Although gas bloating is uncomfortable, there are several strategies to alleviate the problem. Physical activity, nutritional supplements, massage, and dietary adjustments may attain fast relief from bloating.
A sense of fullness, pressure, or tightness in the belly is the primary indicator that you may have a bloated stomach. A bloated stomach is not always apparent with this symptom. The intensity of the sensation varies from person to person. Although it often clears up, it may be a persistent issue for some individuals. Digestive problems or hormonal shifts might cause periodic bloating. Seek medical attention to identify the source of your stomach swelling if it persists.
3 Main causes
Too much intestinal gas indicates improper digestion. Gases may be ingested by swallowing air or drinking carbonated drinks, but they exit by belching before reaching the intestines. Gut bacteria ferment carbohydrates to generate intestinal gas.
If there’s too much fermentation, too many carbs aren’t digested before reaching gut bacteria. Several things might cause it. Maybe you ate too rapidly for digestion. You may have a food allergy or GI condition. Some causes:
Solids, liquids, and gases are examples. When your digestive tract is backed up or restricted, or if the muscles that transport digestive contents are compromised, digestive contents may pile up. Any buildup of digestive materials throughout the digestive canal reduces gas flow. It also makes your abdominal fluids and fat feel tighter. This includes:
Your stomach bloating may follow your menstrual cycle, not your digestion cycle. No worries. As many as 3 in 4 women have menstruation bloating. During perimenopause, bloating is also frequent. Female hormones may influence fluids, gas, digestive backup, and bloating sensitivity.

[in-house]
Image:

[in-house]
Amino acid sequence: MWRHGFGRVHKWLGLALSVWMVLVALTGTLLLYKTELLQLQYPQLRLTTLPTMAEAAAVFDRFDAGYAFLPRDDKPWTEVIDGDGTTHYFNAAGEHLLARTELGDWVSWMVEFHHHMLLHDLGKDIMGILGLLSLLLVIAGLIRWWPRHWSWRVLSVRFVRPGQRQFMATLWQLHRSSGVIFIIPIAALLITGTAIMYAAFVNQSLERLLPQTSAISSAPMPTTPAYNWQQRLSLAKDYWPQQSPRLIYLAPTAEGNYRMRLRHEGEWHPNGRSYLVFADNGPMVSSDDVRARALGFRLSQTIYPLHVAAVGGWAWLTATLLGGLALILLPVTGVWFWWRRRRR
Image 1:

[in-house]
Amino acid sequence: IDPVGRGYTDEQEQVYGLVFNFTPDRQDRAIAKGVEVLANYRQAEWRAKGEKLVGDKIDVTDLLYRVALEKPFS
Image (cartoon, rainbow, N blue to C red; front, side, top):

Estrogen induces fluid retention. When estrogen and progesterone rise, fluid retention occurs. This, along with the enlarged uterus before menstruation, may cause bloating. Hormones also affect digestion. Estrogen and progesterone impede or hasten intestinal motility, causing gas. Estrogen receptors in the GI tract influence visceral sensitivity (bloating).
Gas relief capsules
Anti-gas medications like simethicone tablets or liquid might help expel extra air from the digestive system. Never change the dosage of a drug without first checking with your doctor.
Use essential oils
In 2016, researchers examined the efficacy of a supplement comprising a blend of fennel and curcumin essential oil in treating mild to moderate IBS in 116 participants. Those with IBS saw a reduction in bloating and stomach discomfort after 30 days.
Essential oils are not safe for human consumption unless a medical professional approves. This is due to the lack of control of doses, which means that specific chemicals may be dangerous or interact with medicine.
Increase your daily activity.
Physical activity has been shown to improve bowel regularity by stimulating the expulsion of gas and stool from the colon. Sweating off the additional salt the body stores during exercise is another way in which it might aid with fluid retention.
Constipation may be relieved by drinking enough fluids before, during, and after exercise.